FAST: Engaging the Community
As I helped the Families and Schools Together (FAST) team to prepare the classroom for the second weekly session, parents were already waiting outside and children were jostling to get in.
New families were arriving, having heard about FAST through their friends and relatives.
Sarah, a teacher at the school and a member of my FAST team, told me that parents had never been so engaged with the school. “FAST is really important for the school and the area,” she said.
FAST has engaged 30 families, including some who haven’t had much contact with the school before.
Sarah and her colleagues were really pleased with the number of families attending, and that some of the children they’ve seen really struggle at school had come.
Unlike many other parenting programmes, FAST is delivered in deprived communities but is open to any local family. This reduces the stigma of participating and encourages families to integrate and support each other.
Many families come to have fun and meet other families, and soon realise that FAST can really have a lasting benefit for their child.
The families settle in
The afternoon began as every FAST session does – with food.
The family who won the hamper last week were cooking and they had made a healthy feast for everyone on a tight budget. All the families really enjoyed trying the different rice and curry dishes and the family of cooks were really proud of their meal.
During the meal parents ask one of their children to serve them food first, and then the children serve themselves. This empowers the parents and helps children to obey instructions and be responsible.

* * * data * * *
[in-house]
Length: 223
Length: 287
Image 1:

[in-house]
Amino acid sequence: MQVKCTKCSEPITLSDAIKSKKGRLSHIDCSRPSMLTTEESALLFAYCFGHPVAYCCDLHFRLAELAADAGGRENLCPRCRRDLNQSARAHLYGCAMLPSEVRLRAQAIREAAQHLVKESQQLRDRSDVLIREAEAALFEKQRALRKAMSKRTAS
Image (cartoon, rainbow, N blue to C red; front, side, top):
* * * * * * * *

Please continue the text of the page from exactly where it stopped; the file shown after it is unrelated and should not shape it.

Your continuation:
For some families this is the only time they eat together; the meal is therefore a really important chance to talk and improve family bonds.
FAST felt calmer than last week as most people now knew what to expect. The children already had some favourite activities and were getting really excited.
After the meal this week the children volunteered to introduce their own family to the group.
FAST is making a difference
Paul is eight years old. His mum, Adriana, came to FAST to help Paul with his maths, as well as his behaviour at school. Every week Adriana normally has to talk to teachers to discuss his behaviour, but last week Paul behaved really well at school.
She was trying to think what she had done differently and realised that it was because of FAST. Paul really enjoyed having rare quality time with his mum, while the FAST team looked after his younger sister.
Adriana told me that Paul was now helping her around the house and had even served her breakfast.
It’s really exciting to see how quickly FAST can make a difference to children’s school work, and everyone in the FAST team can see the impact.
As one team member told me:
“FAST activities are quite simple but there’s a lot of research behind everything we do. I can see the difference when I look at the families.
“And even the families themselves are realising that it’s only the second week but FAST is making a real change.”
All names have been changed to ensure anonymity.